July 26th, 2011
05:00 AM ET

Castro and Chavez: Their last hurrah

By Fareed Zakaria, CNN

What got my attention recently was the video above of Hugo Chavez and Fidel Castro shooting the breeze in their track suits.

Fidel Castro, of course, led Cuba for 50 years, starting in 1959. His pal Hugo Chavez has been president of Venezuela since 1999.

Chavez has been in Cuba to undergo chemotherapy for his recently revealed cancer.

He could have summoned the very best doctors to his home. He was invited to go to a world class cancer facility in Brazil. But he chose Havana.

Cuba has a cheap and surprisingly good healthcare system, but Chavez's attachment to Cuba is more than just medical - it's political. He's making the statement that he supports the Cuban model.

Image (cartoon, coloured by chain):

Unfortunately, that model is crumbling. It is totally out of sync with the modern world.

Chavez has gone so far as to talk of a "Venecuba", a merger between two allied states. These kinds of ideas - these two men - are relics of another era. While much of the region has embraced free markets and free trade, riding a wave of fast growth and rising incomes, "Venecuba" has lagged behind.

Brazil grew at nearly eight percent last year. The Venezuelan economy shrank by two percent. The year before that, it contracted by another three percent, and that's despite OPEC announcing this week that Venezuela has more proven oil reserves than Saudi Arabia. People in the most oil-rich nation in the world actually suffer from rolling blackouts thanks to years of bad leadership.

Meanwhile, Cuba and its finances are in free-fall, surviving only because of Venezuela.

Remember that Cuba has been a basket case for decades, but it was sustained by billions in Soviet aid. Then, in 1991, the Soviet Union collapsed. Havana lost its ideological ally and its major sponsor. The economy contracted by a third and there were dire food and fuel shortages.